• If you are pregnant, always use condoms correctly or avoid sexual contact with anyone who has travelled to this country for the duration of your pregnancy.
  • Women: Wait 2 months after travel to this country or after onset of illness due to Zika virus (whichever is longer) before trying for a pregnancy. If your male partner travelled with you, wait 3 months after travel or after onset of illness due to Zika virus (whichever is longer).
  • Men: Wait 3 months after travel to this country or after onset of illness due to Zika virus (whichever is longer) before trying for a pregnancy.

For more travel recommendations, see the travel health notice: Zika virus: Advice for travellers


Malaria

Malaria

There is no risk of malaria in this country.


Animals

Animals and Illness

Travellers are cautioned to avoid contact with animals, including dogs, monkeys, snakes, rodents, birds, and bats. Some infections found in some areas in the Caribbean, like rabies, can be shared between humans and animals.


Person-to-Person

Person-to-Person Infections

Crowded conditions can increase your risk of certain illnesses. Remember to wash your hands often and practice proper cough and sneeze etiquette to avoid colds, the flu and other illnesses.

Sexually transmitted infections (STIs) and HIV are spread through blood and bodily fluids; practise safer sex.

HIV

HIV (Human Immunodeficiency Virus) is a virus that attacks and impairs the immune system, resulting in a chronic, progressive illness known as AIDS (Acquired Immunodeficiency Syndrome). 

High risk activities include anything which puts you in contact with blood or body fluids, such as unprotected sex and exposure to unsterilized needles for medications or other substances (for example, steroids and drugs), tattooing, body-piercing or acupuncture.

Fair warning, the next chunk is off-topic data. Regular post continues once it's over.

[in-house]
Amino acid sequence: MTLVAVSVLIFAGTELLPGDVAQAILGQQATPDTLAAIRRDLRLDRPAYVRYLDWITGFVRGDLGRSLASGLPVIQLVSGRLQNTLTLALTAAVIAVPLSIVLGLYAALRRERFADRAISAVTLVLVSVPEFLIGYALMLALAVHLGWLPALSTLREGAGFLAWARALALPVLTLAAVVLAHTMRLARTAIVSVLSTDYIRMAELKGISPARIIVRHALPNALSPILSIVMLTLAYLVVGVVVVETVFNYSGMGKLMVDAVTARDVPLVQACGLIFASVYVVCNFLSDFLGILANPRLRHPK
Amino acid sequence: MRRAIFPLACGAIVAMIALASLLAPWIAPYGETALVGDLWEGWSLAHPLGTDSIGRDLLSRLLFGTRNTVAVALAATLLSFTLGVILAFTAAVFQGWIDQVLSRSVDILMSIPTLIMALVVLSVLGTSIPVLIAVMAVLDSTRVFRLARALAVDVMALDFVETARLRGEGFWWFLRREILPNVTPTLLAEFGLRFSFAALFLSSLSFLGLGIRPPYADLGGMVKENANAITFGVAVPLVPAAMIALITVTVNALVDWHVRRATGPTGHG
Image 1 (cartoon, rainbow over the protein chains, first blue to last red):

Medical services and facilities

COVID-19 - Testing facilities

Consult the following links to find out where you can get a COVID-19 test:

Health care is very good. Service is available throughout the island.

Not all doctors speak or understand English.

In clinics, payment in advance is often expected.

Make sure you get travel insurance that includes coverage for medical evacuation and hospital stays.

Travel health and safety

Keep in Mind...

The decision to travel is the sole responsibility of the traveller. The traveller is also responsible for his or her own personal safety.

Be prepared. Do not expect medical services to be the same as in Canada. Pack a travel health kit, especially if you will be travelling away from major city centres.

Laws and culture

Laws & culture

You must abide by local laws.

Learn about what you should do and how we can help if you are arrested or detained abroad.

Martinique is an overseas department of France.

Canada and France are signatories to the European Convention on the Transfer of Sentenced Persons. This enables a Canadian imprisoned in France or its overseas departments to request a transfer to a Canadian prison to complete a sentence. The transfer requires the agreement of both Canadian and French authorities.

Drugs

Penalties for possession, use or trafficking of illegal drugs are severe. Convicted offenders can expect jail sentences and heavy fines.

Dual citizenship

Dual citizenship is legally recognized in France.

If you are a Canadian citizen, but also a citizen of France, our ability to offer you consular services may be limited while you're there. You may also be subject to different entry/exit requirements.

General information for travellers with dual citizenship

Marriages

If you wish to marry in Martinique, you should consult local authorities at the City hall to obtain appropriate information. The Embassy of France in Canada can also provide you with the requested documents.

Driving